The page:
National Fisherman

The Rudderpost 

jesJes Hathaway is the editor in chief of National Fisherman magazine and


The charter halibut bag limit controversy in Southeast Alaska sure is stirring the pot for charter boat owners and recreational fishermen. They all seem quite horrified by cuts to the charter boat angler's daily allotment from two fish to one, and claim they simply won't be able to survive if the ruling stands.

Welcome to our nation's fisheries management process.

How many times have commercial fishermen pled loss of business in the face of dwindling allocations, had the ruling stand anyway, and then gone out of business?

The standard retort is, "That's what you get for overfishing." Well, I could go on a long tangent about water quality, runoff, overdevelopment, cheap foreign imports and other factors of some species and market decline.

But what I will say instead is that a charter fleet is just as capable of overfishing their quota as a commercial fleet is. In some cases, they are more risky because their numbers are not always reported.

Maybe the charter guys should band together to establish charter IFQs. That way, the guys who go out of business can get bought out by the guys who have enough business history to stay in it.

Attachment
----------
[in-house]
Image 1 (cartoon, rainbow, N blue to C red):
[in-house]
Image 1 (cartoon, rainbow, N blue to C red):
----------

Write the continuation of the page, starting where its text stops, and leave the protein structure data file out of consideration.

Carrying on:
I don't want to sound cold or eager to toss legitimate tourist business aside (I live in Vacationland, so I get it, believe me). What I would like to see is commercial guys taking advantage of recreational publicity to shed light on their own industry struggles.

What I would love to see is the recreational guys joining with commercial interests to keep everyone in business.

Inside the Industry

Abe Williams, who was elected to the Bristol Bay Regional Seafood Development Association board last spring, has been selected as the new president as of September.

Williams fishes the F/V Crimson Fury, and is president of Nuna Resources, a nonprofit that supports sustainable resource development in rural Alaska, including fighting for an international solution to issues raised by the proposed Pebble Mine project.


The Harte Research Institute for Gulf of Mexico Studies at Texas A&M University-Corpus Christi is teaming up with leading shark-tracking nonprofit Ocearch to build the most extensive shark-tagging program in the Gulf of Mexico region.

In October, Ocearch is bringing its unique research vessel, the M/V Ocearch, to the gulf for a multi-species study to generate previously unattainable data on critical shark species, including hammerhead, tiger and mako sharks.

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